Twelve Tips for Healthier Eating in 2012, from Harvard Women’s Health Watch

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Healthy eating is not about individual nutrients anymore.

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If healthier eating is on your list of resolutions for 2012, look no further. The January issue of the Harvard Women’s Health Watch offers 12 ways to break old dietary habits and build new ones.

According to the article “12 for 2012: Twelve tips for healthier eating,” nutrition research has shifted focus in recent years from the risks and benefits of single nutrients to the health effects that come from the many interactions within and among nutrients in the foods we eat. The result is a better understanding of what makes up a healthy eating plan. Here are five of the 12 ways to improve the way you eat:

1.    Pile on the vegetables and fruits — Their high fiber, mineral, and vitamin content make fruits and vegetables a critical component of any healthy diet. They’re also the source of beneficial plant chemicals not found in other foods or supplements.

2.    Go for the good fats — It’s the type of fat that counts. Replacing saturated fats with polyunsaturated fat, including vegetable oils and omega-3 fatty acids (found in fish, seeds, nuts, and canola oil), as well as monounsaturated fat (avocados, olive oil, and canola oil), can help lower “bad” LDL cholesterol.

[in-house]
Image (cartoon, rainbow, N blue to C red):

3.    Rethink supplements — It’s best to get the vitamins and minerals you need from food rather than supplements. That can be difficult, especially when you are watching your calories. But it’s not impossible. The key is choosing nutrient-rich foods, like leafy green vegetables, low-fat yogurt, dried beans, whole grains, and salmon.

4.    Dine mindfully — Taking time to savor your food not only helps you enjoy it more, it also helps control your appetite. If you eat too quickly, the brain may not receive signals that the stomach is full. Put down your fork between bites and chew more slowly.

5.    Eat breakfast — The daily morning rush sometimes means you skip breakfast. Don’t. A healthy morning meal makes for smaller rises in blood sugar and insulin throughout the day, which can lower the risk of overeating and impulse snacking.

Read the full-length article “12 for 2012: Twelve tips for healthier eating”

Also in this issue:

  •     Sex and the older woman
  •     Yoga and stretching are equally effective for easing low back pain
  •     What to do for Dupuytren’s contracture
  •     What happens to the plastic beads injected during uterine artery embolization
  •     The causes of and treatment for uveitis

Harvard Women’s Health Watch is available from Harvard Health Publications, the publishing division of Harvard Medical School, for $28 per year. Subscribe at http://www.health.harvard.edu/womens or by calling 877-649-9457 (toll-free).

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Media: Contact Raquel Schott at Raquel_Schott(at)hms(dot)harvard(dot)edu for a complimentary copy of the newsletter, or to receive our press releases directly.

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Raquel Schott
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